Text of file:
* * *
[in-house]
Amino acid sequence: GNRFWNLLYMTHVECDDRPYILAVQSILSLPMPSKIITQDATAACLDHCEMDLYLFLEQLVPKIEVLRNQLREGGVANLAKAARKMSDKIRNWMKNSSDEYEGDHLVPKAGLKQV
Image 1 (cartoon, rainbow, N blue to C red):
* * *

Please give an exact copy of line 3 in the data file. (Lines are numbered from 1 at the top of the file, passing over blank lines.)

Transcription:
Image 1 (cartoon, rainbow, N blue to C red):